Parliament passes Banking Regulation (Amendment) Bill, 2020

The Banking Regulation (Amendment) Bill, 2020 seeks to amend the Banking Regulation Act, 1949  to bring cooperative banks under the supervision of the RBI.

Sep 22, 2020 14:56 IST
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The Parliament on September 22, 2020 passed the Banking Regulation (Amendment) Bill, 2020 with the Rajya Sabha approving it. The Lok Sabha had passed the amendment bill earlier on September 16, 2020.

The Banking Regulation (Amendment) Bill, 2020 seeks to amend the Banking Regulation Act, 1949  to bring cooperative banks under the supervision of the RBI. The bill replaces an ordinance that was issued on June 26, 2020. The Banking Regulation Act, 1949 regulates the functioning of banks and provides details on various aspects such as licensing, management and operations of banks.

Speaking on the bill's provisions, Union Finance Minister Nirmala Sitharaman said that the legislation is for depositors' safety and not for undermining powers of the Registrar of Cooperative Societies. She further clarified that powers of the Registrar of Cooperative Societies have not been encroached upon but the banking activity of cooperatives will be regulated by the Reserve Bank of India (RBI).


The Banking Regulation (Amendment) Bill, 2020 was passed in a bid to protect the interest of the depositors. Under the amendment bill, multi-state cooperative banks and urban cooperative banks will be brought under the supervision of the Reserve Bank of India. 

Banking Regulation (Amendment) Bill, 2020: Key Highlights

Under the Act, RBI may, after placing a bank under moratorium, prepare a scheme for reconstruction or amalgamation of the bank to secure its proper management, or in the interest of depositors, the general public or the banking system.

The Amendment Bill allows RBI to initiate a scheme for reconstruction or amalgamation without imposing a moratorium. If a moratorium is imposed, the Bill adds that banks cannot grant any loans or make investments in any credit instruments during the moratorium. 

Further, the bill provides that a co-operative bank may issue equity, preference, or special shares on face value or at a premium to its members or to any other person residing within its area of operation. It may also issue unsecured debentures or bonds or similar securities with maturity of ten or more years to such persons. Such issuance will be subject to the prior approval of the RBI.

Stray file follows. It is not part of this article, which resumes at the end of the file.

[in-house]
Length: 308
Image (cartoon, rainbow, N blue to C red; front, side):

Under the bill, no person will be entitled to demand payment towards surrender of shares issued to him by a co-operative bank. Further a co-operative bank cannot reduce or withdraw its share capital, except as specified by the RBI.

Under the bill's provisions, RBI may exempt a cooperative bank or a class of cooperative banks from certain provisions of the Act through notification. These provisions relate to restrictions of certain types of employment, qualifications of the Board of Directors and, the appointment of a chairman. The time period and conditions for the exemption will be specified by RBI.

Under the bill, co-operative banks cannot employ someone who is insolvent or has been convicted of a crime involving moral turpitude as Chairman. RBI will have the power to remove the Chairman if he is not fit and proper and appoint a suitable person if the bank does not do so.
Further, the Board of Directors must have at least 51% of members with special knowledge or experience in areas such as accountancy, banking, economics or law. The RBI may direct a bank to reconstitute its Board if it does not conform to the requirements. If the bank does not comply, RBI may remove individual directors and appoint suitable persons.

The Act states that RBI may supersede the Board of Directors of a multi-state co-operative bank for up to five years under certain conditions.  The Bill adds that in case of a co-operative bank registered with the Registrar of Co-operative Societies of a state, RBI may supersede the Board of Directors after consultation with the concerned state government, seeking their comments within such period as specified by it.

The bill further omits certain provisions from the Act, one of them relates to a restriction on a co-operative bank from making loans or advances on the security of its own shares. 

The bill prohibits the banks from granting unsecured loans or advances to its directors and private companies where the bank’s directors or chairman are an interested party. 

The act had specified conditions under which unsecured loans or advances may be granted as well as the manner in which the loans may be reported to RBI. The Bill omits this provision from the Act.  


The Banking Regulation (Amendment) Bill, 2020 was first introduced in March during the Budget session. However, it could not be passed due to the COVID-19 pandemic. In June 2020, the Union Cabinet chaired by Prime Minister Narendra Modi approved the ordinance to bring 1,482 urban and 58 multi-state cooperative banks under the supervision of the central bank.

In total, there are about 1,482 urban cooperative banks and 58 multi-state co-operative banks with a depositor base of about 8.6 crores in India.

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